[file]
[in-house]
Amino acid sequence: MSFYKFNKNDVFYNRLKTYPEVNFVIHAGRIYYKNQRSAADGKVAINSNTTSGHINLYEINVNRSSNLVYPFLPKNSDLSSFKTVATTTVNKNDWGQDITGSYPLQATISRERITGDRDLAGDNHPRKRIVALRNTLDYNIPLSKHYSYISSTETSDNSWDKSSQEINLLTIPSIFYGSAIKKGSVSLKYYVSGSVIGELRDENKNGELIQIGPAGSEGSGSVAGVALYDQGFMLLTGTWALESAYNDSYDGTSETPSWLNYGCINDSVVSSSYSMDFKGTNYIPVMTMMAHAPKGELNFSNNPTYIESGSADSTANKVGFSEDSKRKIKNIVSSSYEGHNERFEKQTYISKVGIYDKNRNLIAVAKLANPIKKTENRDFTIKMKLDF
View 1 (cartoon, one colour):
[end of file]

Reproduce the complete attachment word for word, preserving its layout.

[in-house]
Amino acid sequence: MSFYKFNKNDVFYNRLKTYPEVNFVIHAGRIYYKNQRSAADGKVAINSNTTSGHINLYEINVNRSSNLVYPFLPKNSDLSSFKTVATTTVNKNDWGQDITGSYPLQATISRERITGDRDLAGDNHPRKRIVALRNTLDYNIPLSKHYSYISSTETSDNSWDKSSQEINLLTIPSIFYGSAIKKGSVSLKYYVSGSVIGELRDENKNGELIQIGPAGSEGSGSVAGVALYDQGFMLLTGTWALESAYNDSYDGTSETPSWLNYGCINDSVVSSSYSMDFKGTNYIPVMTMMAHAPKGELNFSNNPTYIESGSADSTANKVGFSEDSKRKIKNIVSSSYEGHNERFEKQTYISKVGIYDKNRNLIAVAKLANPIKKTENRDFTIKMKLDF
View 1 (cartoon, one colour):